The founder of Latter Day Saint movement, Joseph Smith, Jr., in his last years alive, declared "the time for Jews to return to the land of Israel is now." In 1842, Smith sent Orson Hyde, an Apostle of the Church of Jesus Christ of Latter Day Saints, to Jerusalem to dedicate the land for the return of the Jews.[78]

Some Arab Christians publicly supporting Israel include US author Nonie Darwish, and former Muslim Magdi Allam, author of Viva Israele,[79] both born in Egypt. Brigitte Gabriel, a Lebanese-born Christian US journalist and founder of the American Congress for Truth, urges Americans to "fearlessly speak out in defense of America, Israel and Western civilization".[80]

Muslims supporting Zionism

Main article: Muslim Zionism

Muslims who publicly defended Zionism include Dr. Tawfik Hamid, former member of a terror organization and current Islamic thinker and reformer,[81] Sheikh Prof. Abdul Hadi Palazzi, Director of the Cultural Institute of the Italian Islamic Community,[82] and Tashbih Sayyed, a Pakistani-American scholar, journalist, and author.[83]

On occasion, some non-Arab Muslims such as some Kurds and Berbers have also voiced support for Zionism.[84][85][86]

During the Palestine Mandate era, As'ad Shukeiri, a Muslim scholar ('alim) of the Acre area, and the father of PLO founder Ahmad Shukeiri, rejected the values of the Palestinian Arab national movement and was opposed to the anti-Zionist movement.[87] He met routinely with Zionist officials and had a part in every pro-Zionist Arab organization from the beginning of the British Mandate, publicly rejecting Mohammad Amin al-Husayni's use of Islam to attack Zionism.[88]

Some Indian Muslims have also expressed opposition to Islamic anti-Zionism. In August 2007, a delegation of the All India Organization of Imams and mosques led by Maulana Jamil Ilyas visited Israel. The meet led to a joint statement expressing "peace and goodwill from Indian Muslims", developing dialogue between Indian Muslims and Israeli Jews, and rejecting the perception that the Israeli-Palestinian conflict is of a religious nature.[89] The visit was organized by the American Jewish Committee. The purpose of the visit was to create meaningful debate about the status of Israel in the Muslim eyes worldwide, and strengthen the relationship between India and Israel. It is suggested that the visit could "open Muslim minds across the world to understand the democratic nature of the state of Israel, especially in the Middle East".[90]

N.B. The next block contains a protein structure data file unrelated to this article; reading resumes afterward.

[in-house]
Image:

Hindu support for Zionism

After Israel's creation in 1948, the Indian National Congress government opposed Zionism. Some writers have claimed that this was in order to get more Muslim votes in India (where Muslims numbered over 30 million at the time).[91] However, conservative Hindu nationalists, led by the Sangh Parivar, openly supported Zionism, as did Hindu Nationalist intellectuals like Vinayak Damodar Savarkar and Sita Ram Goel.[92] Zionism as a national liberation movement to repatriate the Jewish people to their ancestral homeland appealed to many Hindu Nationalists, who viewed their struggle for independence from British rule and the Partition of India as national liberation for long-oppressed Hindus.

An international opinion survey has shown that India is the most pro-Israel country in the world.[93] In more current times, conservative Indian parties and organizations tend to support Zionism.[92][94] This has invited attacks on the Hindutva movement by parts of the Indian left opposed to Zionism, and allegations that Hindus are conspiring with the "Jewish Lobby."[95]

Marcus Garvey and Black Zionism

Zionist success in winning British support for formation of a Jewish National Home in Palestine helped to inspire the Jamaican nationalist Marcus Garvey to form a movement dedicated to returning Americans of African origin to Africa. During a speech in Harlem in 1920, Garvey stated: "other races were engaged in seeing their cause through—the Jews through their Zionist movement and the Irish through their Irish movement—and I decided that, cost what it might, I would make this a favorable time to see the Negro's interest through."[96] Garvey established a shipping company, the Black Star Line, to allow Black Americans to emigrate to Africa, but for various reasons failed in his endeavour.

Garvey helped inspire the Rastafari movement in Jamaica, the Black Jews[97] and the African Hebrew Israelites of Jerusalem who initially moved to Liberia before settling in Israel.

Opposition to Zionism